The distillery was built in 1895 by Benrinnes-owner Alexander Edward, who sited it just north of Keith in the heart of Speyside. Just two years later, the company was under the management of Oban & Aultmore Glenlivet Distilleries Ltd and production was greatly increased with the addition of a steam engine to power the facilities - in fact the distillery would employ the ten horsepower steam engine twenty-four hours a day for the next seventy years.
Following the Pattison Crisis, Aultmore (pronounced ‘Ollt-MORE’) closed for several years. The distillery briefly reopened in 1903, but was forced into closure once more owing to the barley shortage during the First World War. In 1923, the distillery was acquired by John Dewar & Sons for £20,000 and, two years later, became part of Distillers Company Limited, today a subsidiary of Diageo.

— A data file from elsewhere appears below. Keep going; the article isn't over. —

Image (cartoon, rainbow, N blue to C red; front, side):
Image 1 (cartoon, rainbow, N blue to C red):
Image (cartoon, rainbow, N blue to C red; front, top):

In 1969, Aultmore switched from steam to electricity and a further two years later increased its capacity and doubled its stills to four. The original steam engines are still on display at the distillery. Aultmore, which derives from the Scotch Gaelic for ‘Big burn’, takes its water from the Burn of Auchinderran. The great majority of the spirit produced at Aultmore is used in Dewar’s blended products, but following Bacardi’s acquisition of the company an official twelve year-old bottling was released in 2004. There have been independent bottlings from bottlers including Blackadder and Douglas Laing.